Capturing seemingly familiar scenes with a renewed, yet enduring perspective—that’s what photographer and Volunteer State native, Corey Wolfenbarger is all about. Being fans of Corey’s work ourselves, we decided to reach out to him while we’re all indoors in an effort to pick the brain behind the lens—drawing inspiration for the season to come. With that being said, we sure hope you enjoy our conversation with the fellow TS fan and ambassador as much as we did.

Corey Wolfenberger taking a photo of icebergs Two images of Corey and a mountainscape A film image of a high desert mountain

So Corey, thanks for chatting with us. We’re big fans of your work over here at TS. For those that don’t already know of you, could you tell us a bit about yourself and what you do?

Thanks for having me, guys. It’s a huge honor. I am a travel and lifestyle photographer based in Tennessee—which basically means I am incredibly lucky to travel to very beautiful locations to create images for brands.


What initially made you fall in love with photography?

I think I loved just being outside with my friends at first. I grew up near a national park, but it wasn’t until college where I figured out that going on a short hike with my friends just made me feel great and had a lot of benefits—mentally, physically, etc. Instagram was a brand new app and we soon figured out we could take photos on our iPhone 5s and share photos with the world (even if it was only like 10 people liking our photos at the time ha) and we thought that was the coolest thing ever to share photos from our hikes and weekend travels.


Do you have a favorite location that you’ve been able to shoot?

While cliche, I’d have to pick California. I can’t quit coming back. Between Big Sur, The Sierras, Death Valley, Joshua Tree—there is just so much to see. I know many people are able to create beautiful photos in many different weather conditions, but personally, I love golden hour. I am a sunrise and sunset kind of guy. So between all of the locations and weather, it doesn’t get much better than The Golden State.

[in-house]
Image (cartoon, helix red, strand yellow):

What would you say differentiates your work as a whole?

While I am not always successful, I try hard to take photos of popular places that are not always the most popular angles or frames you are used to seeing. In the social media age that is quite difficult, but it is usually my intent to show a place in a new and serene way.


Do you have a go-to camera setup or is that too difficult to answer?

Not too difficult! This camera is actually about the same age as me. The Mamiya 7 is a medium format film camera that was made in 1995. It will forever be my favorite camera.


What made you drawn to film photography over digital?

I think with most artists we feel the pressure to share online constantly. Even when we don’t want to or it feels inauthentic, it’s almost impossible not to use social media because at the end of the day it is a free platform to share your work and the opportunities it can create are limitless. But eventually, it wears you down and I was just at a place where I was frustrated, uninspired, just posting online to keep my accounts going. When I discovered film it just felt real. I know that sounds so corny, but it’s true. It’s a tangible medium—things go wrong all the time because the cameras are old and I can’t look at a photo I’ve taken when camping with my friends, so I get to stay in the moment. Everything about film is just great for me (except the cost of developing and getting it on a computer ha)!